“Tally” is marked as Hard difficulty machine that features IIS web server and SharePoint CMS with MSSQL running in background. Gobuster gives us path to FTP credentials. FTP has a directory with KeePass credential database, we crack the master password of DB and get access to SMB credentials. SMB access gives us credentials to MSSQL DB. Using MSSQL we get our initial access and we exploit misconfiguration to get admin access.
- Sharepoint Enumeration
- MSSQL Exploits
- Evading AVs
Nmap reveals eight open ports/services on target. In summary, target is running FTP without anonymous access, HTTP with Microsoft Sharepoint, 2016 MSSQL and hostname is “tally”.
Add the hostname to /etc/hosts.
Let’s enumerate sharepoint. Using GoBuster with SecLists sharepoint URLs we can find available links.
GoBuster result is huge, but if we cross match the result with popular sharepoint URLs and some trial an error then we’d find those above two links are quite useful.
The first discovered link takes us to this page, it has directories with 1 item each inside. Let’s visit Documents.
The content of ftp-details are below.
We got FTP password but they didn’t mention any username in this file. But that can be found in “site pages” directory.
Make sure to add “tally” to /etc/hosts and point its IP address. If you don’t then this page will not be displayed.
Now we have username:password of the FTP. Let’s login and find what it contains.
We got couple of directories, let’s download all the content to localhost and then we can dig in.
This above command will recursively download all the content of FTP to your machine. If we look though some of the directories then we’d find a “do to.txt”.
According to this message, they are using “keepass” application to store shared folder credentials.
In the same user directory we can find the keepass password database.
Now we need to extract master password hash of ‘keepass db’ and then we can crack it.
Now we can crack this hash using “john the ripper”.
We got the master password of KeePass. Now we need to install KeePass on localhost.
After installation, open keepass and give the keepass database file (tim.kdbx) and input the password.
Now we have access to keepass all the stored passwords. Check Shares.
Username and password for SMB share (ACCT).
In one of the directory of SMB share you’d find “tester.exe”. Download it to your localhost.
Now run strings on that file.
From strings you’d get the MSSQL credentials.
username (ID) “sa” and Password “GWE3V65#6KFH93@4GWTG2G” .
Access MSSQL using sqsh application.
If we try to run “xp_cmdshell” to spawn a shell and pass the string “whoami” to find the current user information then it gives us an error. It is disabled and admin can enable using sp_configure command. We are ‘sa’ user of this DB, it is short for “system administrator”, so we can change global configuration settings for current user using “sp_configure” command.
Now we can spawn a shell and pass the he string using “xp_cmdshell”.
This is “Sarah” user, let’s check the privileges for this current user.
Set “SeImpersonatePrivilege” is enabled for this user, so once we have initial access then we can impersonate system to get privileged shell.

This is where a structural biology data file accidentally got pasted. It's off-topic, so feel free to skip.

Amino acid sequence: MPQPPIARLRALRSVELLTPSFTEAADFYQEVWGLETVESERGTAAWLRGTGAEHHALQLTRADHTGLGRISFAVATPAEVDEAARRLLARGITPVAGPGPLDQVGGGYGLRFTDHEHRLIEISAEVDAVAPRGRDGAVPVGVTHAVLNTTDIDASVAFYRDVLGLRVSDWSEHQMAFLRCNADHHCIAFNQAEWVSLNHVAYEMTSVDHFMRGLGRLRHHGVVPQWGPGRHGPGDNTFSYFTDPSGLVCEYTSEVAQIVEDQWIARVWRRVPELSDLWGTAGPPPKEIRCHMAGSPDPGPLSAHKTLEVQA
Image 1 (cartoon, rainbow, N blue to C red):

Now we need to get a initial access using powershell payloads. I am going to use Nishang.
Edit the file and add the last line with your IP:Port
Start a http server from same location.
Setup a netcat listener on localhost.
Invoke expression to download the powershell payload and run in to on target machine.
We got the hit on http server.
Aight, *hacker voice* we are in. Get you first flag fro users Desktop.
This target has multiple PrivEsc points
On Sarah’s Desktop there are multiple files which would help us to escalate privileges to administrator.
Two txt files helps us to understand what is blocked and what is enabled to protect the system. Bat file gives an idea to escalate privs using outdated firefox browser. XML and PS1 files which we are going to use to get admin access.
That PS1 script is a warmup script for sharepoint application.
The Warm-Up script prefetches SharePoints ASPX pages and loads them into the IIS cache. This will help to improve the user experience.
However, to run this script we need elevated privileges and also it creates a schedule task on the machine to be run frequently. Read more
That XML file is a configuration of warmup script. TL;DR of configuration is, it’s running a schedule job every hour with “ExecutionPolicy” and “skipadmincheck” arguments. We can modify the PS1 script and get a reverse shell on our machine when the next hour this script gets executed.
We use Nishang payload again for this. Edit the file and add the last line with IP and Port.
Star the http server
Setup a netcat listener.
Now edit the warmup script.
Check the time
Its 9:34 when I modified the PS1 script, now I have to wait for 24 minutes to get the reverse shell.
Now we have admin access. Get the root flag.
Note: This way of PrivEsc’s only hurdle was time. You can try other PrivEsc techniques by exploiting outdated FireFox or “SeImpersonatePrivilege” by rotten potato exploit.
We got all the flags required to complete this machine.
Thank you for reading this blog. While attempting this challenge I learned so many things. This was unique target with unique vulnerability.